The Donkey Guard and the Farce of a "Real Fight"

Fightland Blog

By Jeff Harder

Jeff Glover is flamboyant for a jiu jitsu player, and you can either credit or blame his penchant for showmanship for the Donkey Guard. It's a bit of a misnomer: it's not really a true guard as much as a strange, small-guy set-up for sweeps and leg locks, and Glover says he created (but didn't name) the position to "get a rouse out of the crowd in professional grappling events." He did exactly that in the opening seconds of his match with Baret Yoshida at Metamoris IV, where he used Donkey Guard to spin into a heel hook attempt to roars of approval.

And recently, Glover made a tongue-in-cheek-and-now-retracted call for a ban on Gracie Tournaments because of a regulation specifically banning the Donkey Guard. There it is, right under the section headed "Realism Rules":

"No Donkey Guard - This is just silly! I can’t even consider this a guard. If you were to ever do this in a real fight you would get kicked in the groin. So for this reason, this technique will not be allowed at Gracie Tournaments."

How ironic, considering the flimsy grip on reality that jiu jitsu tournaments already have.

Maybe more than any other martial art, Brazilian jiu jitsu has been subject to the tension between tradition and exploration. In the decades since the Gracie family arrived in America, jiu jitsu academies and jiu jitsu practitioners have proliferated, and every sparring session provokes questions that need to be answered and problems that need to be solved. Those answers and solutions come in the form of unorthodox and marginalized positions—X-guard 50-50 guard, and so on—that experts can capitalize on and parlay into YouTube fame. All the while, closed-guard traditionalists frown and Helio Gracie rolls over in his grave, wondering what they have wrought.

Such as it is, the Donkey Guard is obnoxious. If you only have a year to learn jiu jitsu, you should spend zero days learning a position where you intentionally give up your back. If someone tries it on you, you could be forgiven for wanting to kick them in the ass. But unlike prohibitions for heel hooks and neck cranks—measures made under the guise of competitor safety, particularly for lower belt ranks—the Donkey Guard ban is purely for matters of realness, or lack thereof, an arbitrary step down a slippery slope. Donkey Guard doesn't physically endanger anyone anymore than conventional jiu jitsu. The only thing it endangers is the logic that leads BJJ players to conflate punch-free pajama wrestling matches as fights.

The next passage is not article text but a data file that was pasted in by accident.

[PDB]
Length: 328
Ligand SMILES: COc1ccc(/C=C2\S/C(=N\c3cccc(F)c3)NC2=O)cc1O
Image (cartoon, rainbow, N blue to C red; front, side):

The fear among traditionalists is that sport jiu jitsu risks turning the sport into point karate, that practicing entirely with the rules in mind pollutes its street-readiness. But looking at any martial art as a panacea for a "real fight" is dangerous. Street fights threaten guns, knives, brass knuckles, broken glass, multiple assailants—the sorts of unknown variables that could turn a jiu jitsu world champion into a bloody smear on the sidewalk. There’s no prohibition against lasso guard in Gracie Tournaments, but try playing lasso guard in a "real fight" without getting your balls (assuming you’re male) smashed like eggs on a frying pan. Try playing turtle guard in a "real fight" and not getting your head soccer-kicked three blocks away. Try pulling any kind of guard at all, for that matter, and see what happens when the friends of the guy you’re trying to underhook rush in to help him.

None of this is to say that jiu jitsu in general is useless in a spontaneous fight, and it doesn’t diminish the value of jiu jitsu tournaments (even the ones that ban knee reaping or tell you what color gi you have to wear). Imposing limitations controls the environment in hopes of safety, fairness, and uniformity for competitors. But every tournament is contrived. It will never be spontaneous, so the "real fight" standard isn’t reason enough to ban the Donkey Guard: while it might mock the rules, it conforms to them until you specifically ban the position. More to the point, nothing about the Gracie Tournaments' rules resembles the chaos of a confrontation where you could kick your opponent in the groin with impunity.

If there really is a critical mass of loathing for the Donkey Guard, there’s another solution: figure out a way to win in spite of it. That’s what you’d have to do in a real fight anyway, right? 



A video posted by Jeff Glover (@youjitsu) on



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